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Well done on carving out a moment to read this, assuming you’re a sustainable finance professional. The pace and volume of work is extraordinary right now, with enormous regulatory changes afoot and client demand like never before. We have seen an incredible rise in ESG investing this past year, something I and many others could only dream of 10 years ago when I was working at PRI and the industry was in its relative infancy.
The grit in the oyster is that this growth has been accompanied by a growing chorus of dissent, questioning where the rise in sustainability disclosure and ‘green-wishing’ is really headed – and whether it is commensurate with the sweeping changes society is increasingly calling for, from climate change to social inequality. Recent critiques from ‘reformed’ ESG professionals Tariq Fancy, Ken Pucker and Auden Schendler are asking difficult questions as to whether the means are leading us to the ends. Finance is, after all, a means to an end; and ESG a tool within those means – not the end in itself.
What does it mean to have endless growth in a world with finite resources? And what does this imply for – or demand of – the financial system? Many within the sector, myself included, are grappling with the paradigm shift needed if we are to live within planetary boundaries and address societal needs equitably. This shift calls in to question the structural impact of investors’ business models and approaches to asset allocation. What the sector now needs is to translate these questions into meaningful action.
Guidance to address systemic risks, sustainably
Predistribution Initiative’s ESG 2.0: Measuring & Managing Investor Risks Beyond the Enterprise-level tackles these systemic issues head on, providing a detailed analysis of problematic investment trends in recent years. The paper highlights the inherent contradictions of more ‘traditional’ ESG approaches to sustainable investing, applied commonly at the underlying enterprise or asset level, and the structural impact of asset allocation decisions at the level of the financial institution itself, particularly in relation to global economic inequality, increasingly recognised as posing systematic risk.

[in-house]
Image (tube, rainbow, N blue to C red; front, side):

The report says: “In practice, the negative impacts of weak capital structures are typically being addressed piecemeal through company-by-company interventions that focus on their operations, like a game of whack-a-mole; but the key roots of the problems — the investment structures themselves — are left unaddressed.”
Rather than simply raise uncomfortable questions, the paper proposes 11 broad preliminary solutions accompanied by many more practical ideas. All are proposed through the lens of how ‘understanding how allocations to high-risk asset classes may ultimately undermine long-term return goals can help fiduciaries fulfil their commitments to beneficiaries and manage accordingly.’ The preliminary solutions – all intended for future debate and workshopping with asset allocators – are wide-ranging. For example, in recognition that the risk/return allocation is no longer what it was, suggestions include to reconsider asset allocation by de-consolidating cash flows and taking a less ‘bucketed’ approach, allocating less to traditional fixed income and high-risk asset classes and more to emerging and regenerative asset classes in the middle of the risk-return spectrum, ranging from permanent capital vehicles to revenue-based financial models. Other solutions are more inward facing, such as ensuring diversity of thought and experience amongst trustees and leadership, including in relation to ESG integration and systematic risk management, and incentivising them accordingly. Others relate to engagement with fund managers, such as measuring and managing fund manager political spend in recognition of corporate political capture.